Washington State Triple Divide Points
Minimum basin size of 100 square miles
Showing Dale York's first ascent dates for climbed peaks (0 out of 16, or 0%)
Front Runners List: Click to see list completion progress by climbers that log their climbs using Peakbagger.com.
Multiple Ascents Grid: Click for a grid showing all of Dale York's ascents of peaks on this list (including up to 10 rounds of repeats).
Compare Climbers: Click to compare ascents of up to 5 climbers working on this list.
To be on this list, a peak must be the triple divide point of three basins of rivers that reach marine water, and the smallest of these basins must be over 100 square miles. This last condition excludes what could easily be hundreds of peaks that are triple divides that involve tiny coastal creeks. Even some relatively well-known rivers like the Hamma-Hamma have areas under 100 square miles.
Mount Rainier, if taken as single massif, is the triple divide of the Columbia, Puyallup, and Nisqually. But there is a small crater at the summit of Rainier that forms a small (35 acre) basin that neither drains to the ocean nor is over the size threshold. So the three triple divides on the Rainier crater rim (Puyallup-Nisqually-Crater; Nisqually-Columbia-Crater; and Puyallup-Columbia-Crater) do not make this list.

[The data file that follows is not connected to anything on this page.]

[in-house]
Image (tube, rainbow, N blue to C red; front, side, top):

So, with Rainier excluded, the remainder of the list is almost entirely a bunch of very obscure and unnamed hills, points, and sub-peaks. Del Campo Peak is the only well-known summit on the list, and Mount Noyes in the Olympics the only other one that even has an official name. West Peak, a major Olympic summit, is very close to being a triple divide (the Olympic Climbers Guide says so), but looking closely at the map shows that the real hydrographic junction is a couple hundred yards northest of the summit.
For the jaded Washington peakbagger looking for a new challenge, this list might be a worthwhile objective—it has an innate geographic appeal to it, and a manageable number of peaks, most of which are rarely climbed or even known about.
Map Showing Location of Peaks
= Peaks climbed by Dale York = Unclimbed peaksClick on a peak to see its name and a clickable link.
This page has been served 1149589 times since 2004-11-01.